watgfx: WATCOM C Graphics library wrapper for FreeGLUT/GL

watgfx is a source-compatible, partial implementation of the WATCOM‘s C Graphics library that draws on a OpenGL surface using FreeGLUT (a GLUT clone).

watgfx can be built on any operating system where FreeGLUT is available, allowing old graphical software that expect immediate-mode drawing to be ported somewhat more easily.


watgfx.zip: last updated around 2005.

watgfx is distributed under the Revised BSD license (see COPYING).
Copyright(c) 2004-2005 by wave++ “Yuri D’Elia” <wavexx@thregr.org>.

Suggestions/comments are welcome.


Around 2003 I received some large, non-working DOS code dating back to 1985 that quickly transformed into an exercise in reverse engineering and code archaeology. With no comments to be seen and no instructions whatsoever I had to port it to a current system. I/O was quite easy to rewrite directly just using POSIX calls, but this being a graphical/plotting program it clearly became obvious that graphics was another kind of a problem.

With hard-coded coordinates, and expecting immediate-mode processing at all times (typical requirements of a 386 real mode program) I absolutely had no clue as to what the program was supposed to be doing, let alone rewrite it using a modern event-based loop.

I was lucky enough that the program made heavy use of the WATCOM’s C Graphics library instead of manipulating the framebuffer directly. Implementing a source-compatible replacement seemed like a good start. I started by rewriting some of the few required functions quickly using FreeGLUT along with manual event loop processing so that I could implement the same blocking behavior of _getch() and similar functions. The approach sucked (of course, the window wouldn’t redraw itself when damaged), but the application started to work almost immediately. As soon as I could see, completing the port became a whole lot easier. My plan, of course, was to trash FreeGLUT and re-implement some proper code later.

Once the program was working as expected though, the customer was already happy with the results and refused to wait for a code cleanup. He instead asked for several customizations (yes, there’s a lesson to be learned here). I just kept on building opon the existing WATCOM graphical stack. In the end it turns out that several parts of the program could be greatly simplified by a simple turtle-like graphics library instead of keeping internal state throughout the code. By using sub-pixel accuracy I could even fix some of the existing visual bugs of the program. Adding stack-based operations was the icing on the cake, cutting the existing code-size in half as many drawing procedures could then be reused by simply nesting.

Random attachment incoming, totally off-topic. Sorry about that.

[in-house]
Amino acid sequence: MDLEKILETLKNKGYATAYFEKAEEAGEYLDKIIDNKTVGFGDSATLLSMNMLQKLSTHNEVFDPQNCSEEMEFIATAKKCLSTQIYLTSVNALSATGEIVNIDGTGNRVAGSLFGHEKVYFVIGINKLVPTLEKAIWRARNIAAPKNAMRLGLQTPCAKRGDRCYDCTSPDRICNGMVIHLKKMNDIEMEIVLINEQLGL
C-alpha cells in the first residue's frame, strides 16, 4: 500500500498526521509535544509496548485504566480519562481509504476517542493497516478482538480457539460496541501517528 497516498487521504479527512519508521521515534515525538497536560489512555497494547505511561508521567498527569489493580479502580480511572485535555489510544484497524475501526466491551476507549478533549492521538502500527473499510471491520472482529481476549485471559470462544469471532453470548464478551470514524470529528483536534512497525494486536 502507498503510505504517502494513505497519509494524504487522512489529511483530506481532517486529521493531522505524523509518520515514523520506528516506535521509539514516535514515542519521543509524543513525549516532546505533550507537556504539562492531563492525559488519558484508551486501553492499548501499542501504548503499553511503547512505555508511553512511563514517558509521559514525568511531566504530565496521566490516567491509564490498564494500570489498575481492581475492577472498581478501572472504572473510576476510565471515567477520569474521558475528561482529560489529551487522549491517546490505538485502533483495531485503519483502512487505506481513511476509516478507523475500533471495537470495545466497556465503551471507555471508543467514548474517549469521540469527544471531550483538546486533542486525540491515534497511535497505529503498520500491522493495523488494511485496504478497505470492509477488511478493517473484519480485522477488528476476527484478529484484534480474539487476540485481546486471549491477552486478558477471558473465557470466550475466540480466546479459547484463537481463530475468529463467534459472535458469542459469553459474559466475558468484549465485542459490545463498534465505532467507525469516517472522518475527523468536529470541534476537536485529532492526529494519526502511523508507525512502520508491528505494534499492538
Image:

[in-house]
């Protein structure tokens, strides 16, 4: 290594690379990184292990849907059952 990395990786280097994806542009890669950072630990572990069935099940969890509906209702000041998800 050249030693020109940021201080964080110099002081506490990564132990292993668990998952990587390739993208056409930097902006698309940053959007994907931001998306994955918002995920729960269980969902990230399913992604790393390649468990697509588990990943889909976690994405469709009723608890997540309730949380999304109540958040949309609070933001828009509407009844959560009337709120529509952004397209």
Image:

FreeGLUT was also a “blessing” for the customer. I discovered 10 years later that the program was still working as expected, basically unchanged and ported to yet another OS. Some new features were even added, but this time using full-blown GL calls directly. You should have seen my smile when I saw this shiny bump-mapped 3D plot with the message “press any key to continue” written in the same 8x16 font in the top-left corner of the screen. And yes… you could trash the graphics by simply moving the window around.

I decided to release this code after seeing this, hoping that somebody else could find it useful. Maybe even use it to revamp some old DOS program - who knows! Let me know!

Developer’s notes

The documentation for the functions in watgfx.h can be found in the official WATCOM library reference manual.

The only supported video mode currently is _VRES16COLOR, although other modes can be simply implemented by adding the proper resolution/window sizes (internally everything is implemented in RGB anyway).

The sources include the EGA palette, as well as the original 8x16 font extracted from a DOS BIOS, providing pixel-exact results of the graphical output.

Included in the source there is also a minimal turtle-graphics package wattgx, supporting stack-based operations along with sub-pixel accuracy.

The sample program watcon.c demonstrates the use of the whole library.


/* Initialize the default graphic mode */

/* color/bk color tests */
_moveto(0, 0);
_lineto(640, 480);
_setpixel(100, 10);
_rectangle(_GBORDER, 10, 10, 50, 50);
_rectangle(_GFILLINTERIOR, 50, 50, 100, 100);
_rectangle(_GBORDERFILL, 100, 100, 150, 150);
_moveto(0, 200);
for(i = 0; i != 16; ++i)
  _setcolor(15 - i);
  _rectangle(_GFILLINTERIOR, i * 10,
             200, (i + 1) * 10, 300);
  _lineto(i * 10, 200);
  _lineto(i * 10, 300);

/* turtle */
_moveto(320, 240);
for(i = 2; i != 500; ++i)
  _setcolor(i % 16);
  if(i % 2)
_settextposition(0, 0);
_outtext("Turtle graphics ...");

/* subpixel accuracy tests */
_settextposition(0, 0);
oldcolor = _CWHITE;
_outtext("Subpixel accuracy ...");
_moveto(320, 240);
for(z = 0; z != 360; ++z)
  for(i = 0; i != 270; ++i)
    newcolor = (z / (i + 1)) % 16;
    if(newcolor != oldcolor)
      oldcolor = newcolor;
  _moveto(320, 240);